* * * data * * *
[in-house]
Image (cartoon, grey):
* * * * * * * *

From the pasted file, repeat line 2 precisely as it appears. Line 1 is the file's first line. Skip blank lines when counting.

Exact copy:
Image (cartoon, grey):